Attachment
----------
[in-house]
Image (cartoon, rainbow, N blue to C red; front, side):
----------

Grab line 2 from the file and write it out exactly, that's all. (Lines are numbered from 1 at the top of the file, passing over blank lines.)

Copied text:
Image (cartoon, rainbow, N blue to C red; front, side):